Return to Skip Menu

Main Content

University program empowers women through gender workshop in Mali


   

Workshop leader Maria Elisa Christie (right, foreground), observes while villagers conduct an activity profile. Workshop leader Maria Elisa Christie (right, foreground), observes while villagers conduct an activity profile.


BLACKSBURG, Va., July 31, 2009 – As part of a program to raise the standard of living in developing countries, a Virginia Tech researcher led a four-day gender workshop in June at Baguineda, Mali.

The workshop, “Gender, Participatory Research, and Technology Transfer,” drew 30 researchers, extension agents, and representatives from institutions in West Africa that partner with the Integrated Pest Management Collaborative Research Support Program (IPM CRSP), managed by Virginia Tech’s Office of International Research, Education, and Development. The program is funded by United States Agency for International Development.

Participants came from Benin, Burkina Faso, Senegal, and Mali to attend the training event, held June 15-18 at the Office of the Irrigated Perimeter of Baguinéda, a regional center outside of the capital of Bamako.

Workshop leader Maria Elisa Christie, director of Women in International Development at Virginia Tech, notes, “Large donor organizations that fund development work recognize that one cannot conduct successful development projects without taking women’s needs into account.”

Yet simply including women is not enough. According to Christie, “It’s important to understand gender as relationships between men and women that affect development rather than simply focusing on involving more women.”

Attendees — both men and women — learned how to think about gender relations through the Rubins/Caro Domains Framework for Gender Analysis: practices and participation, time and space, access and control, and knowledge, beliefs and perceptions.

After studying the framework in a classroom, participants divided into groups and visited villages in the surrounding area. There, they held discussions with men and women, asking them about village resources and developing activity profiles — learning who (men or women or both) does what activity, when, and where. In one exercise, villagers drew a map of their village and the resources in it: a mosque, a soccer field, a maternity clinic, a well, and a cemetery.

“The group was surprised to learn that, while women had access to most of the resources, they had control over very few,” says Christie. “For example, while women are the ones who do all the collecting and carrying of water, men control the wells.”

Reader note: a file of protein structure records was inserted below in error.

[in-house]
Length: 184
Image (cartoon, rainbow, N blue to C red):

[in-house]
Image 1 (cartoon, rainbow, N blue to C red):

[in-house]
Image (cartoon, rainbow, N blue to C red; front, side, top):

Understanding resources and who controls them is critical to a successful development program, especially one as large as the IPM CRSP. The program works in 32 countries using research to find ecological, low-cost solutions to agricultural pest problems. Partnering with other U.S. universities as well as with local country institutions, it tackles such issues as invasive species, insect-transmitted viruses, and other threats that affect world food security.

Muni Muniappan, director of the multimillion dollar program, says that it is now more important than ever to incorporate gender considerations into development projects. “By taking gender into consideration in our projects, IPM can make a big leap, reducing the use of pesticides and introducing and adapting alternative techniques.”

Christie explains. “We’ve learned that women control the [adult] literacy classrooms and the market-oriented horticulture. This means we should target women specifically for our IPM interventions and that we can work with entire populations by providing information to women to teach.”

The workshop was the first of its kind for the IPM CRSP, and Christie says she is determined that it will not be the last. She plans to assist IPM CRSP’s regional partners in presenting similar workshops. “Agricultural institutions in the developing world usually have gender experts in-house, but they are left out,” she says. By holding this workshop, she says she hopes to highlight the importance of gender considerations and thereby give local experts more clout.

“What’s exciting is to go to the developing world and find people who are eager to learn more about gender, and to see men learn that empowering women is a good thing and does not threaten them,” says Christie.